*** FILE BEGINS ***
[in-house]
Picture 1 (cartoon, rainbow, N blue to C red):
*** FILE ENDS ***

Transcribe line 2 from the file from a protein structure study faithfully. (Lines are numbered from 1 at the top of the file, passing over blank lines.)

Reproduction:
Picture 1 (cartoon, rainbow, N blue to C red):